Plant and Soil

, Volume 267, Issue 1–2, pp 97–107 | Cite as

Boron and calcium increasePisum sativum seed germination and seedling development under salt stress

Article

Abstract

A beneficial effect of B and Ca application on symbiotic interaction between legume and rhizobia under saline conditions has recently been shown, suggesting conventional agricultural practices to increase crop salt tolerance. However, nothing is known about application of both nutrients on early events of legume development under salt stress, prior to the establishment of a symbiotic interaction. Therefore, the effects of different levels of B (from 9.3 to 93µM B) and Ca (from 0.68 to 5.44 mM Ca) on seed germination, root elongation, plant development, and mineral composition of pea (Pisum sativum L. cv. Argona) grown under 0 to 150 mM NaCl, were analysed. Development of plants previously germinated in the presence of salt was more impaired than that of plants put under salt stress once seeds were germinated. A NaCl concentration of 75 mM and 150 mM inhibited pea seed germination and seedling growth. The addition of either extra B or extra Ca to the germination solution prevented the reduction caused by 75 mM NaCl but not that of 150 mM NaCl. However, root elongation and plant development under salt stress (75 mM NaCl) was enhanced only by addition of both B and Ca. When plants were cultivated in the absence of external N, N content in roots and shoots originating from seeds was diminished by salt and enhanced by B and Ca, suggesting a role of these nutrients in remobilisation of seed nutrient stores. Salinity also led to an extremely high concentration of Na+ ions, and to a decrease of B and Ca concentrations. This can be overcome by addition of both nutrients, increasing salt tolerance of developing pea plants. The necessity of nutritional studies to increase crop production in saline soils is discussed and proposed.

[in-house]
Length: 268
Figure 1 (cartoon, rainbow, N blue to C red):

Key words

boron calcium legume salt-tolerance seed germination 

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Copyright information

© Kluwer Academic Publishers 2004

Authors and Affiliations

  1. 1.Departamento de Biología, Facultad de CienciasUniversidad Autónoma de MadridMadridSpain

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